Methinks thou didst protest not enough

So much for that protest. Major league umpires took to white wristbands last Saturday, protesting Tigers infielder Ian Kinsler’s public rip of umpire Angel Hernandez, proclaiming they’d wear the white bands until baseball government addressed if not cracked down on verbal abuse from players. The protest lasted all of one day. The core issues won’t go away that fast.

Umpire James Hoye wearing the white wristband his colleagues used to protest "escalating verbal attacks" going unpunished---unaware or unconcerned that Ian Kinsler was fined five figures for criticising Angel Hernandez in the press.

Umpire James Hoye wearing the white wristband his colleagues used to protest “escalating verbal attacks” going unpunished—unaware or unconcerned that Ian Kinsler was fined five figures for criticising Angel Hernandez in the press.

Ken Kaiser, RIP: Only fools rush out

"He said he wanted to punch me. I said, 'Go ahead, you midget, you'll hit my knee'."---Ken Kaiser (right), on a debate, shall we say, with Earl Weaver (left).

“He said he wanted to punch me. I said, ‘Go ahead, you midget, you’ll hit my knee’.”—Ken Kaiser (right), on a debate, shall we say, with Earl Weaver (left).

The late umpire/raconteur Ron Luciano considered Ken Kaiser, who died today after a long battle with diabetes, a friend and protege who came up and did things the hard way. Unfortunately, Kaiser’s career ended the same way, when he tied his dinghy to the leaky ship of the old Major League Umpires Association, and its executive director Richie Phillips sank it.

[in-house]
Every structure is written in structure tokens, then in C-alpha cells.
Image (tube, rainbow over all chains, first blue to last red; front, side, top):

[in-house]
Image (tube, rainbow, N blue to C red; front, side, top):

Laugh, clowns, laugh

West, docked three for a wisecrack about Adrian Beltre.

West, docked three for a wisecrack about Adrian Beltre.

In 1999, umpire Tom Hallion got himself a three-day suspension when he bumped inadvertently into Rockies catcher Jeff Reed during a beef with pitcher Mike DeJean. The Major League Umpires Association, a month before the infamous mass resignation that torpedoed it, was outraged, but “[n]ot as outraged as they’d be,” the Society for American Baseball Research’s Doug Pappas wrote, “if a player wasn’t suspended for bumping an ump.”

One of the umps among the mass resigners (he was reinstated in due course in a 2004 settlement), Hallion swore he wasn’t trying to bump Reed. Players who inadvertently bump the umps swear likewise and still pony up fines and serve suspensions.